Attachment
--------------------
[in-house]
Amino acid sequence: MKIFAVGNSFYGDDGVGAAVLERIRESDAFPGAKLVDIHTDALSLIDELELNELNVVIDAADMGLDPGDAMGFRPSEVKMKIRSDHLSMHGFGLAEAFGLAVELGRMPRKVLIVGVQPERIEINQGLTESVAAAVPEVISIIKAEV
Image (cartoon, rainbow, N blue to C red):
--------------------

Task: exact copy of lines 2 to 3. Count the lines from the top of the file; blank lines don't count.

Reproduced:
Amino acid sequence: MKIFAVGNSFYGDDGVGAAVLERIRESDAFPGAKLVDIHTDALSLIDELELNELNVVIDAADMGLDPGDAMGFRPSEVKMKIRSDHLSMHGFGLAEAFGLAVELGRMPRKVLIVGVQPERIEINQGLTESVAAAVPEVISIIKAEV
Image (cartoon, rainbow, N blue to C red):